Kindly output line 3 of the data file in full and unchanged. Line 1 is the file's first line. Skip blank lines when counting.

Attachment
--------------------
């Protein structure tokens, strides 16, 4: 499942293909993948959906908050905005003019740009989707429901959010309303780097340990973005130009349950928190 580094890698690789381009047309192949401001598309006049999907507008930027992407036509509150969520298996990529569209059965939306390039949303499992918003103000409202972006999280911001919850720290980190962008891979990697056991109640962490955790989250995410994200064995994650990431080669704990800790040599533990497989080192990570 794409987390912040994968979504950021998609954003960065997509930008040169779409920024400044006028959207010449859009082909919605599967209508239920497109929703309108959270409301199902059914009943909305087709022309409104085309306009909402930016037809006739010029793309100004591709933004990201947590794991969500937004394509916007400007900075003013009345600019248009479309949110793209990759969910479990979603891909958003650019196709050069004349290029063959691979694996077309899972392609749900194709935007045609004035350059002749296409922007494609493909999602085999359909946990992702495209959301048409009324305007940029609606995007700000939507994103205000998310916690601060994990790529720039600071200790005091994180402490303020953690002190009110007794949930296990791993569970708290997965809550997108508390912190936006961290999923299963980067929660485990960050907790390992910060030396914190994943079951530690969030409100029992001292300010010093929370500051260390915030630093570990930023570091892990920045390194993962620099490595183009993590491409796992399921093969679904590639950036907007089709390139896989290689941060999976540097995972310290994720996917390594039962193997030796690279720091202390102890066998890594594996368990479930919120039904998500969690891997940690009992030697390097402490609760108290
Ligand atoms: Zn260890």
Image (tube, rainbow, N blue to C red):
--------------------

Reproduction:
Image (tube, rainbow, N blue to C red):